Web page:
The Cooper Union
School of Architecture

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Spring Semester
Professors Diane Lewis, Peter Schubert, Daniel Sherer, Mersiha Veledar, and Georg Windeck

Origins of house and civic gathering; the mark on the site.

A spontaneous and abstract mark made by the architect must be read as an incentive to plan, section, corporeality. The MARK: BLACK AND WHITE read as ARCHITECTURAL NOTATION.

This reading of a mark, made by the mind, the hand, the body, and the psyche, is not a simple reading of form. The nuance, and the movement can be deciphered in the artificial two-dimensional disciplined reading of plan, section or elevation in terms of the rules of architectural representation; overlap, distance, size change to see the marks in a field as body. However, the characteristics of the mark, intensity, spontaneity, are all part of a hieroglyph to be divined by the architect in placing the hieroglyph in confrontation with structure, a site, as well as the dialogue with architectural memory that comes from the reading of the hieroglyphs of other architects.

The project began with the given grid, as a latent field of structural conditions. The studio participants were asked to make a mark with ink, pencil, graphite or charcoal, black on white. The marks made within the field can be seen as elements in space, bodies in the spatial and structural field of our time. After the primary marks were made on the field, the participants were divided into two groups: DOMUS and LOCUS.

The mark was read in the field as a provocation for the design of a definitive domus, a unit or collective unit of inhabitation for our time. Each student derived the elements of the house and an idea for how this unit might relate to a grouping of this typology, as well as a programmatic mandate for the domus. Ideas about whether the domus was innately urban and necessary to a density, an element of domesticity within an institution such as a school, library, or university began to evolve for each individual project.

The mark was used to select a site from a list of important civic architectural projects that have a strong syntactical character as inscribed by the architects who created them. Thus the syntax of the mark was immediately put into confrontation with the selected site syntax. Each student selected the site because of the character of the plan and section markings of the architecture; the sites included architectural works by Saarinen, Mies, Scharoun, Kahn, Le Corbusier, Olmstead, McKim Mead White, Harrison Abramovitz, Bunshaft.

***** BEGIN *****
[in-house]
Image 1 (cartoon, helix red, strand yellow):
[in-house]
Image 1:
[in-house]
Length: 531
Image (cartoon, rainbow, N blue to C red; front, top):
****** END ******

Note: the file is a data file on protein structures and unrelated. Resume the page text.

The problem of selecting and intervening with the marks is the project of reading an architectural site syntactically. The mark of the studio participant must be sized, edited, repeated, evaluated for its potential, positioned, sited, read as an exciting civic plan. Activity and domesticity could be seen and imagined from the syntactical character, scale, density, singularity, etc.

Once an archetypal domus was designed as autonomous from a specific site, each student who had designed a domus had to select a civic architectural site to which their domus would be related through a contemporary addition to its civic program. The sites were presented for selection as plans. Each student had to determine their choice from this definitive syntactical image of a major civic site by reading how the character of their own domus form could speak to the signature characteristics of plans and sections such as Jefferson's University of Virginia Campus, Olmsted's Central park at the Met and the Natural History Museum, Kahn's Dakka site, New Harmony Indiana, Cossuta's Christian Science Piazza in Boston, Urbahn's The New School, Harrison and Abramovitz's Rockefeller Institute, The Morgan Library of McKim, The Silver Towers of James Ingo Freed, The Hirschorn Museum and the National Gallery on the Washington Mall, La Defense Paris, Kulturforum in Berlin, DeMenil Museum and its campus in Houston, Michelucci's Florence train station, all examples of architect-authored civic projects to which these student projects add contemporary domestic presence and additional civic functions.